United States Patents the Steamboat, Monopoly and Litigation to which it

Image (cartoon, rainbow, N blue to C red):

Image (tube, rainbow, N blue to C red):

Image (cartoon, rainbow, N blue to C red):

gave rise, Steamboat enterprise in Europe and Asia